Structural Biochemistry/Lipids/Waxes, Soaps, and Detergents

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Waxes[edit]

Chemical Structure[edit]

Wax is a type of long chain apolar lipid which made up of various n-alkanes, ketones, primary alcohol, secondary alcohols, monoesters, beta diketones, aldehydes,etc. Waxes will form protective coating on plants and fruits, and in animal (example: beewax, whale spermaceti, etc.). More commonly, wax is ester of alcohol and fatty acids. They differ from fats since they don’t have triglyceride ester of three fatty acids. Waxes are water resistant, so they are insoluble in water.

Structure of a Wax Ester

Properties[edit]

Due to the versatility of waxes, nature has manipulated them for their water-resistant properties, colligative properties (high melting point, relatively low viscosity at high temperatures, transparency, etc.) and coating properties.

Types of Waxes[edit]

  1. Beeswax – for consumption
  2. Chinese Wax – for polishes
  3. Ear Wax – used as a protective layer over the ear membrane
  4. Lanolin – for rust prevention and cosmetics
  5. Shellac – used as a wood sealant
  6. Spermaceti – for cosmetics and leatherworking
  7. Vegetable (many different types extracted from plants) – used as a protective layer on the plant to prevent loss of water
  8. Mineral – used as fine polishes
  9. Petroleum – fuels, paints, culinary, candles
  10. Synthetic – modified waxes for use in the medical field

Functions and Applications[edit]

Waxes contain many functions in society. Man has manipulated and synthesized many waxes to be used for cosmetics, sealants and lubricants, insecticides, UV protection, energy reserves, food, etc.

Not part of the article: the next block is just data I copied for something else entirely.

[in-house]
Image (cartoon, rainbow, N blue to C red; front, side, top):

Soaps[edit]

Soap is a mixture of sodium salts forming by adding sodium hydroxide or sodium carbonate to natural fatty acids. The density of soap will be decreased by air bubble forming. The general reaction in producing soap:

Fat + NaOH → soap + glycerol

Making Soaps[edit]

An example of making soaps is called Saponification of fats and oils which is the most common method of soap making process. 1) Heat fats and oils 2) React with liquid Alkali

General View of Saponification

Detergents[edit]

Detergent is a material that helps in cleaning. Detergent contains one of more surfactants which are capable of reducing the surface tension of liquid such as water. Commonly, detergent consists of long chain hydrocarbon and ionic group (such as alky sulfate or derivative of ammoniac group).

Types of Detergents[edit]

Anionic

These detergents are man-made and consist of long hydrocarbon chains and a water-soluble ionic group, which is usually negatively charged. These detergents are commonly known as surfactants, or alkyl benzene sulfonates

Cationic

These detergents are also man-made, and they only differ from anionic detergents in that the water-soluble ionic group is positively charged. These detergents are primarily derivatives of ammonium and are commonly used as a germicide and in shampoo.

Neutral

These type of detergents contain the same general set up as all other detergents, except it’s overall charge is neutral. The head of the detergent is polar due to the presence of three hydroxyl groups and an ester group.

Natural

Natural detergents such as bile salts (sodiumglycoholate) are made in the liver. These detergents are derivatives of cholesterol, a type of lipid. Its main function is digestion. The bile salt is capable of emulsifying fats and oils such that enzymes may break them down further.

Function and Application[edit]

Detergents have many functions and applications including cleaning off fats and oils, softening materials, acting as aromas or abrasives, or sanitizing and disinfecting. Though detergent and soap are used interchangeably, people can see the various uses of detergents in common house products including hand soap, laundry detergent, dish and glass detergents, etc.